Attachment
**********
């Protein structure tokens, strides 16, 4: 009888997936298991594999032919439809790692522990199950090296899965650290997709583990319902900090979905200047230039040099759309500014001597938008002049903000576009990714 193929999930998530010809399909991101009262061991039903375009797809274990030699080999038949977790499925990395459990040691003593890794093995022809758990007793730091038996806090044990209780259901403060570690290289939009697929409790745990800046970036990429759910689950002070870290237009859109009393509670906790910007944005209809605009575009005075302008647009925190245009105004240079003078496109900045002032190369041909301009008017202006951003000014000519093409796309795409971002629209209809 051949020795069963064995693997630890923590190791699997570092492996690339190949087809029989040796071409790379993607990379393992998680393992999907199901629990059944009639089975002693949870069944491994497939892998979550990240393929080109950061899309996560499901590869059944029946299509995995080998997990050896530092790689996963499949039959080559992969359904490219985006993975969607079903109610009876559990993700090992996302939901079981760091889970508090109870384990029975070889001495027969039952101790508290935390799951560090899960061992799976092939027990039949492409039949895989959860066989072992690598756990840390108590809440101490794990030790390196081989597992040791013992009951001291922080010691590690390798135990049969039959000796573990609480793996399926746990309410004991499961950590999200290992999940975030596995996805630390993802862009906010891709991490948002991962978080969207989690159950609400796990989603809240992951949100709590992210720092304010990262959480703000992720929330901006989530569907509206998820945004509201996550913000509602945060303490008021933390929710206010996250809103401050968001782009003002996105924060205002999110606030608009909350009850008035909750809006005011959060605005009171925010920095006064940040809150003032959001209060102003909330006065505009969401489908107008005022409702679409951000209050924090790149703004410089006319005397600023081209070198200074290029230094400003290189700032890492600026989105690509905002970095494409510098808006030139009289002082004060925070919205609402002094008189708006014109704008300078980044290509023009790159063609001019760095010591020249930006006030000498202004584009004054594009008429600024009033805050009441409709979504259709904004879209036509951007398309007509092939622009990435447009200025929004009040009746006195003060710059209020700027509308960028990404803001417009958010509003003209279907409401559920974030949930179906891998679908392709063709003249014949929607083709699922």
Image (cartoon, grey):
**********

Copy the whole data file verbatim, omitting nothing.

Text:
């Protein structure tokens, strides 16, 4: 009888997936298991594999032919439809790692522990199950090296899965650290997709583990319902900090979905200047230039040099759309500014001597938008002049903000576009990714 193929999930998530010809399909991101009262061991039903375009797809274990030699080999038949977790499925990395459990040691003593890794093995022809758990007793730091038996806090044990209780259901403060570690290289939009697929409790745990800046970036990429759910689950002070870290237009859109009393509670906790910007944005209809605009575009005075302008647009925190245009105004240079003078496109900045002032190369041909301009008017202006951003000014000519093409796309795409971002629209209809 051949020795069963064995693997630890923590190791699997570092492996690339190949087809029989040796071409790379993607990379393992998680393992999907199901629990059944009639089975002693949870069944491994497939892998979550990240393929080109950061899309996560499901590869059944029946299509995995080998997990050896530092790689996963499949039959080559992969359904490219985006993975969607079903109610009876559990993700090992996302939901079981760091889970508090109870384990029975070889001495027969039952101790508290935390799951560090899960061992799976092939027990039949492409039949895989959860066989072992690598756990840390108590809440101490794990030790390196081989597992040791013992009951001291922080010691590690390798135990049969039959000796573990609480793996399926746990309410004991499961950590999200290992999940975030596995996805630390993802862009906010891709991490948002991962978080969207989690159950609400796990989603809240992951949100709590992210720092304010990262959480703000992720929330901006989530569907509206998820945004509201996550913000509602945060303490008021933390929710206010996250809103401050968001782009003002996105924060205002999110606030608009909350009850008035909750809006005011959060605005009171925010920095006064940040809150003032959001209060102003909330006065505009969401489908107008005022409702679409951000209050924090790149703004410089006319005397600023081209070198200074290029230094400003290189700032890492600026989105690509905002970095494409510098808006030139009289002082004060925070919205609402002094008189708006014109704008300078980044290509023009790159063609001019760095010591020249930006006030000498202004584009004054594009008429600024009033805050009441409709979504259709904004879209036509951007398309007509092939622009990435447009200025929004009040009746006195003060710059209020700027509308960028990404803001417009958010509003003209279907409401559920974030949930179906891998679908392709063709003249014949929607083709699922």
Image (cartoon, grey):